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per-function jit compiler

 
 
Luis M. GonzŠlez
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      04-06-2010
This post gave me an idea: http://groups.google.com/group/comp....75080707104b76

What if I write a simple decorator to figure out the types of every
function, and then we use it as a base for a simple method-jit
compiler for python?

example:

def typer(f):
def wrap(*args):
a = f.func_code.co_varnames
b = [type(i) for i in args]
return dict(zip(a,b))
return wrap

@typer
def spam(a, b, c=3, d=4):
pass

>>> spam(8,'hello',9.9, 10)

{'a': <type 'int'>, 'c': <type 'float'>, 'b': <type 'str'>, 'd':<type
'int'>}

So by using this information, we record all the argument types used
the first time each function/method is executed, and then we generate
optimized code for them.
From this point on, a guard should check if all arguments remain the
same and, if so, the optimized code is run.
Otherwise, just fall back to the interpreter.

He! I have no idea how to implement it...
Any guru out there?
Luis
 
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Chris Rebert
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      04-06-2010
2010/4/5 Luis M. Gonz√°lez <(E-Mail Removed)>:
> This post gave me an idea: http://groups.google.com/group/comp....75080707104b76
>
> What if I write a simple decorator to figure out the types of every
> function, and then we use it as a base for a simple method-jit
> compiler for python?
>
> example:
>
> def typer(f):
> ¬* ¬* ¬* ¬*def wrap(*args):
> ¬* ¬* ¬* ¬* ¬* ¬*a = f.func_code.co_varnames
> ¬* ¬* ¬* ¬* ¬* ¬*b = [type(i) for i in args]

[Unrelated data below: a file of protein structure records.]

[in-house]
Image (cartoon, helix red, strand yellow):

> ¬* ¬* ¬* ¬* ¬* ¬*return dict(zip(a,b))
> ¬* ¬* ¬* ¬*return wrap
>
> @typer
> def spam(a, b, c=3, d=4):
> ¬* ¬* ¬* ¬*pass
>
>>>> spam(8,'hello',9.9, 10)

> {'a': <type 'int'>, 'c': <type 'float'>, 'b': <type 'str'>, 'd':<type
> 'int'>}
>
> So by using this information, we record all the argument types used
> the first time each function/method is executed, and then we generate
> optimized code for them.
> >From this point on, a guard should check if all arguments remain the

> same and, if so, the optimized code is run.
> Otherwise, just fall back to the interpreter.
>
> He! I have no idea how to implement it...


Guido's been lending out his time machine again:
http://psyco.sourceforge.net/introduction.html

Cheers,
Chris
--
http://blog.rebertia.com
 
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Luis M. GonzŠlez
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Posts: n/a
 
      04-06-2010
On 6 abr, 03:40, Chris Rebert <(E-Mail Removed)> wrote:
> 2010/4/5 Luis M. GonzŠlez <(E-Mail Removed)>:
>
>
>
>
>
> > This post gave me an idea:http://groups.google.com/group/comp....75080707104b76

>
> > What if I write a simple decorator to figure out the types of every
> > function, and then we use it as a base for a simple method-jit
> > compiler for python?

>
> > example:

>
> > def typer(f):
> > * * * *def wrap(*args):
> > * * * * * *a = f.func_code.co_varnames
> > * * * * * *b = [type(i) for i in args]
> > * * * * * *return dict(zip(a,b))
> > * * * *return wrap

>
> > @typer
> > def spam(a, b, c=3, d=4):
> > * * * *pass

>
> >>>> spam(8,'hello',9.9, 10)

> > {'a': <type 'int'>, 'c': <type 'float'>, 'b': <type 'str'>, 'd':<type
> > 'int'>}

>
> > So by using this information, we record all the argument types used
> > the first time each function/method is executed, and then we generate
> > optimized code for them.
> > >From this point on, a guard should check if all arguments remain the